So between Google's offering and Amazon's offering, and making an offer that it should have been blindingly obvious[1] would be rabidly abused by some and which Microsoft therefore never meant to honour... Microsoft would appear to have shot itself in the foot. And not just with a pistol, no no, I'm talking about loading up a Napoleonic era cannon, loading it with canister shot, and sticking their collective foot in front of it. Because it is one thing to endure the embarrassment of having to admit that your offer wasn't real. (Again, "unlimited" is a word that leaves little to the imagination.) But it is quite another to then not only fail to improve your services, but rather reduce them and hike up the charges for them. All in all, it's not a good look.

So, Microsoft, the next time a creative type suggests making an unsustainable offer, I suggest... a Nerf ball. Squarely between the eyes. Or use any substitute material that may be to hand.

And then get someone who understands what your competitors are doing.

[1] Blindingly obvious to anyone who doesn't have a goatee beard, their hair in a ponytail, and the label "Hi, I'm The Creative Talent" written in crayon and pinned to their Calvin Klein T-Shirt, anyway.

Re: One For The Marketing 'Droids (Changes To OneDrive)

Posted: Wed Nov 25, 2015 7:00 pm
by stephen waters
Di you hear of the Hoover free flights fiasco from 1990's? Brought down the company!

The Hoover free flights promotion was a marketing promotion begun in 1992. promised free airline tickets to customers who purchased more than £100 worth of its products. However, Hoover had not anticipated that huge numbers of customers would buy the qualifying products not because they wanted the actual appliances, but simply because they wanted the tickets.... as the normal price of these flights was several times more than the £100 purchase required to get free tickets. The company subsequently found itself overwhelmed by the demand both for tickets and for new vacuum cleaners, and by the cost of the flights. Hoover had apparently not anticipated this outcome.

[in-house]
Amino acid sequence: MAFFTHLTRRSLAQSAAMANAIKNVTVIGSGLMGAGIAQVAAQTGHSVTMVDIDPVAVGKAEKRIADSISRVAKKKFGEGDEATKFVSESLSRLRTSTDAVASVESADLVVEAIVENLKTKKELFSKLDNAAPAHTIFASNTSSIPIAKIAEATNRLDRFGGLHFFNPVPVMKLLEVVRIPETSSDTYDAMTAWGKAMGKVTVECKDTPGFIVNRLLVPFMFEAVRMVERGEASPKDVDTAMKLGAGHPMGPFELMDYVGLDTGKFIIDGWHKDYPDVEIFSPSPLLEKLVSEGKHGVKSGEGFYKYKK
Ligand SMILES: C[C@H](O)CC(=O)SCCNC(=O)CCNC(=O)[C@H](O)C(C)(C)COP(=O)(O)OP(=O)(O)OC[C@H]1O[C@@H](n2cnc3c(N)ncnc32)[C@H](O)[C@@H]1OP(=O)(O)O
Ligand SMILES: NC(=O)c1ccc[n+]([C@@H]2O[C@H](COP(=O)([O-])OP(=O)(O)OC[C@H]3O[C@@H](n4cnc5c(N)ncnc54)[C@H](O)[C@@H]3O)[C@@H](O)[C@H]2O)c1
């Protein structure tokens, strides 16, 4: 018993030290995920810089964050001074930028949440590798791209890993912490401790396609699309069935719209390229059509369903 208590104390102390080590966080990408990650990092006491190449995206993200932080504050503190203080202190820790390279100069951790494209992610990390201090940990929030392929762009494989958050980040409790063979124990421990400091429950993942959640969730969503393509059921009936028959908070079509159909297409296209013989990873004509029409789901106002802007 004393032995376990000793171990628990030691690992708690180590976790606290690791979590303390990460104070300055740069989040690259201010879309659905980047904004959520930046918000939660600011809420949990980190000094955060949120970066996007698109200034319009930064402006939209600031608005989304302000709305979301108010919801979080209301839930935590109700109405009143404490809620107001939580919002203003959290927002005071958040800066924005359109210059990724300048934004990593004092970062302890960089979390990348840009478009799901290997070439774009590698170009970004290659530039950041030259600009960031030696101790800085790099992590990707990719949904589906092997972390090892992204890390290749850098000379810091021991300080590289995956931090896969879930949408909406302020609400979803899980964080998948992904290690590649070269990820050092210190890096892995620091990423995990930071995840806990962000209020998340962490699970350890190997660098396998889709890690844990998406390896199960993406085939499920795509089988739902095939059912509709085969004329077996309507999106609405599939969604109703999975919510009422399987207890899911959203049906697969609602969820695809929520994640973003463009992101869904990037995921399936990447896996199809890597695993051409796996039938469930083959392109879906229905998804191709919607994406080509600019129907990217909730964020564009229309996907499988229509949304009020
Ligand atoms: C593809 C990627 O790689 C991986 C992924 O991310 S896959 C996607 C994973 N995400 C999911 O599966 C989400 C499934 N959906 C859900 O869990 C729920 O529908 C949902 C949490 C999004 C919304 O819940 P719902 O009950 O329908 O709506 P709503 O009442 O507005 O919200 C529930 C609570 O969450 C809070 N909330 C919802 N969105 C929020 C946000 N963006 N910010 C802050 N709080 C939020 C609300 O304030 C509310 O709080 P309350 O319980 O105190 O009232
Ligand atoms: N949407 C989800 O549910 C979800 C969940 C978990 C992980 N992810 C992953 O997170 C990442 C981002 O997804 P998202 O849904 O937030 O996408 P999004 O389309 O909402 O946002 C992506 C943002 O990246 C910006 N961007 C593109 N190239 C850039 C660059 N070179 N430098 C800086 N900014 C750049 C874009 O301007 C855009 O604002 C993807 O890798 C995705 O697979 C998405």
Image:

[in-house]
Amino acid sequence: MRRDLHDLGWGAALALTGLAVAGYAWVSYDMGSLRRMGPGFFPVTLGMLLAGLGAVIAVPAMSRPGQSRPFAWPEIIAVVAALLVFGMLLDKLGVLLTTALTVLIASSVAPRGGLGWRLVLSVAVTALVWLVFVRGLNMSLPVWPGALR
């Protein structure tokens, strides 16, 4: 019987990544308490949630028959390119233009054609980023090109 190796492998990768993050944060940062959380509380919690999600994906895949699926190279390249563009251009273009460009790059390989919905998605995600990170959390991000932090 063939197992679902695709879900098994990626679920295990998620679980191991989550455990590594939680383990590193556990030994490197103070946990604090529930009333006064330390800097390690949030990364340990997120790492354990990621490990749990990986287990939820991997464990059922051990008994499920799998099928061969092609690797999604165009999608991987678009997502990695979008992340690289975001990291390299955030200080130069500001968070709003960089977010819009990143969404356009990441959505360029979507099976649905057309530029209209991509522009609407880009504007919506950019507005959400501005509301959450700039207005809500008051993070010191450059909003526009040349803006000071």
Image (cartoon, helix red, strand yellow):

It is quite possible the MS marketing guys had futurely been employed by the famous Sirius Cybernetics Corporation and escaped being put up against the wall and shot by escaping through a rift in the time-space continuum.

Share and Enjoy!

Re: One For The Marketing 'Droids (Changes To OneDrive)

Posted: Mon Nov 30, 2015 3:53 am
by Martin Ryan

Re: One For The Marketing 'Droids (Changes To OneDrive)

Posted: Thu Dec 24, 2015 8:42 pm
by Alan Kirk
Martin Ryan wrote:Looks like Amazon missed the lesson.
I mentioned Amazon offerings in the original post but was not aware of that specific one. It looks to me like they're trying to buy market share. And with the $5 offering they've left themselves a huge "Get Out Of Jail Free" card:
Techcrunch wrote:But be aware that the $5.00 is not a one-time fee. Cloud Drive is sold as an annual subscription, which means when the service comes up for renewal, you may be again paying full price (unless the company runs a similar promotion, of course.)
Adobe did something similar with Creative Cloud. For owners of any CS5 / CS6 package they offered an introductory subscription of $29.95 / month for the first year for, essentially, access to the equivalent of the old Master Suite which is all of the imaging software ( Photoshop, Lightroom, Illustrator, Flash, Premiere Pro, etc, etc), plus Acrobat Pro and a few other audio-visual niceties. (But not RoboHelp, annoyingly.) Now that that year is over it's jacked up to $49.95. Some may have dropped it at that point (though you'd be paying $49.95 per month for a very long time to get anywhere near the stratospheric cost of the CS5/CS6 Master editions). Some users may have dropped back to just the photographer's package. (Photoshop plus Lightroom at $10/month, which isn't a bad deal and is probably intended to keep Adobe's market lead.) But I'll bet that they retained a lot after the price went up through customer inertia, which is probably what Amazon is hoping for with this offer.

Re: One For The Marketing 'Droids (Changes To OneDrive)

Posted: Thu Dec 24, 2015 8:49 pm
by Alan Kirk
stephen waters wrote:Di you hear of the Hoover free flights fiasco from 1990's? Brought down the company!
I hadn't heard that before, but the revelation that marketing 'droids flounder when confronted with simple and obvious mathematics:

Code: Select all

$Air Tickets = 2*$Cleaner Price = We're Screwed
is not an astonishing one to me.

But an entertaining one, in a schadenfreude kind of way...